What is Ahead for Faba Beans?

Opportunities continue to slowly grow in Canada

by Chuck Penner, Leftfield Commodity Research

There has not been a whole lot of news for faba bean markets recently. Partly, that is because the market has settled into a more stable supply situation, at least in Canada. After the excitement in 2015, seeded acreage has settled back to roughly 100,000 acres for the past two years. It is too soon to say how the 2017 yields will turn out but with average yields, production would be somewhere in the ballpark of 120,000 tonnes.

Another reason for the quieter faba bean market is that Canadian exports have dropped in 2016/17 compared to the last two years. The full-year total for 2016/17 will be around 14,000 tonnes, compared to 24-25,000 tonnes in the previous two years. Largely that is because of renewed competition from Australia, along with the recent emergence of Baltic countries as competitors in the key Egyptian market.

The reduced Canadian exports mean the large majority of the 2016 faba bean crop needed to be consumed domestically, mostly as livestock feed. That has not really been a problem as the feed protein market is easily large enough to absorb Canadian faba bean production with little difficulty. And as livestock feeders become more comfortable with using faba beans, prices remained at least at par with feed pea values.

There are two parts to the 2017/18 market outlook for faba beans. For the smaller export market, production and quality from competing countries will determine whether there is room for Canadian volumes to rebound in the coming year.

Production among major producers is forecast to decline in 2017 by roughly 100,000 tonnes or six per cent from the previous year. Even so, the crop from these regions is estimated at nearly 1.5 million tonnes. Keep in mind, this total includes both human consumption and feed faba beans, but the bottom line is there seems to be plenty of beans available from export competitors, and that will limit Canadian export opportunities in 2017/18. Faba bean prices in these key markets have been flat to lower in recent months, which confirms the comfortable supply outlook.

The rapid emergence of production from the three Baltic countries — Lithuania, Latvia, and Estonia — is also worth noting. It is not just Canadian farmers who have noticed opportunities with faba beans and responded with production. Production for the Baltic region is expected to exceed 300,000 tonnes for the third straight year and now that it has become an important crop there, it is unlikely to fade away anytime soon.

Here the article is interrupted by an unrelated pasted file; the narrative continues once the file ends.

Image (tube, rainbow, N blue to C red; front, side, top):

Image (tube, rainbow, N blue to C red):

This crowded export picture confirms ideas that the large (80-90 per cent) majority of the Canadian crop will need to be consumed domestically, the second part of the 2017/18 faba bean outlook. And this market segment looks a little more favourable.


The main reason behind our optimism is the result of challenging crop conditions in Western Canada and the northern United States (U.S.). Faba bean prices in Western Canada have generally been following feed peas but are also influenced by values in the larger feedgrain complex. Early reports are indicating pea yields in Canada will end up below average and U.S. production will be down a lot more.

At the same time, barley prices in Alberta feed markets have strengthened considerably and will be supported by reduced yields in Canada and smaller crops in major exporting countries. Based on early crop outlooks, the Western Canadian feed market will be well supported in 2017/18, and that will spill over to feed peas and by extension, faba beans. The only caution in this outlook is that, at the time of this writing, U.S. corn and soybean markets have been under pressure.

The bottom line for 2017/18 is that the export market for tannin faba beans will be steady but unspectacular due to the strong competition from other countries. Meanwhile, the feed market will be firm-to-higher, following allied markets.

From a longer-term perspective, Canadian faba bean production and consumption can continue to expand, but will need steppedup market development efforts. If supplies of faba beans are able to stay fairly steady, feed users will be more comfortable making them a regular part of their rations, and the higher protein levels can add to faba beans’ value. Beyond the feed market, the rapid expansion of pulse protein consumption in human and pet foods could provide the next bigger opportunity, but will need to boost processing capacity to build that market.